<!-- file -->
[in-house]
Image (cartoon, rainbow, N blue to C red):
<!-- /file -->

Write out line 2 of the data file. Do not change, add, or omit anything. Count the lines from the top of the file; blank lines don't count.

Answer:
Image (cartoon, rainbow, N blue to C red):